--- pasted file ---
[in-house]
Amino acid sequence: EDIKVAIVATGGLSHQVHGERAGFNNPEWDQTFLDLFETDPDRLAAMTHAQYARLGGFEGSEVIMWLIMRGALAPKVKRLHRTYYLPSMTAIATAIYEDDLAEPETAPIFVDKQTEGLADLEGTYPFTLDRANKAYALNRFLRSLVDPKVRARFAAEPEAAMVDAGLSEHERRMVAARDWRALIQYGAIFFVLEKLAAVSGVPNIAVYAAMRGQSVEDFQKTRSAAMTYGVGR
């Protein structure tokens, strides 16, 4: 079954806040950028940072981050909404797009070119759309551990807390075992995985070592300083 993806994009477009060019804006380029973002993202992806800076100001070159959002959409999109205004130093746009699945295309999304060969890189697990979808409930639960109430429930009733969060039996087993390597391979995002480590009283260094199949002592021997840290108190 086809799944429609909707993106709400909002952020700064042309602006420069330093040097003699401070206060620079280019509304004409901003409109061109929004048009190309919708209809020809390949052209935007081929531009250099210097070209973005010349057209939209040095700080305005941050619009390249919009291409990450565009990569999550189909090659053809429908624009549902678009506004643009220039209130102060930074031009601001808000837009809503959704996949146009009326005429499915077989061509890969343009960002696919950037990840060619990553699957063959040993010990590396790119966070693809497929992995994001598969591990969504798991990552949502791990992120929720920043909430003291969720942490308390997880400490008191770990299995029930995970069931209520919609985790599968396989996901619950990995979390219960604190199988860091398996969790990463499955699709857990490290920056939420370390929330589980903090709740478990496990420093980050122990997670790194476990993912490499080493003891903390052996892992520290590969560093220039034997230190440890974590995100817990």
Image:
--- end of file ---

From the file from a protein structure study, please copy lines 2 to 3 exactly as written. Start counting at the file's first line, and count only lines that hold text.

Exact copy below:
Amino acid sequence: EDIKVAIVATGGLSHQVHGERAGFNNPEWDQTFLDLFETDPDRLAAMTHAQYARLGGFEGSEVIMWLIMRGALAPKVKRLHRTYYLPSMTAIATAIYEDDLAEPETAPIFVDKQTEGLADLEGTYPFTLDRANKAYALNRFLRSLVDPKVRARFAAEPEAAMVDAGLSEHERRMVAARDWRALIQYGAIFFVLEKLAAVSGVPNIAVYAAMRGQSVEDFQKTRSAAMTYGVGR
């Protein structure tokens, strides 16, 4: 079954806040950028940072981050909404797009070119759309551990807390075992995985070592300083 993806994009477009060019804006380029973002993202992806800076100001070159959002959409999109205004130093746009699945295309999304060969890189697990979808409930639960109430429930009733969060039996087993390597391979995002480590009283260094199949002592021997840290108190 086809799944429609909707993106709400909002952020700064042309602006420069330093040097003699401070206060620079280019509304004409901003409109061109929004048009190309919708209809020809390949052209935007081929531009250099210097070209973005010349057209939209040095700080305005941050619009390249919009291409990450565009990569999550189909090659053809429908624009549902678009506004643009220039209130102060930074031009601001808000837009809503959704996949146009009326005429499915077989061509890969343009960002696919950037990840060619990553699957063959040993010990590396790119966070693809497929992995994001598969591990969504798991990552949502791990992120929720920043909430003291969720942490308390997880400490008191770990299995029930995970069931209520919609985790599968396989996901619950990995979390219960604190199988860091398996969790990463499955699709857990490290920056939420370390929330589980903090709740478990496990420093980050122990997670790194476990993912490499080493003891903390052996892992520290590969560093220039034997230190440890974590995100817990």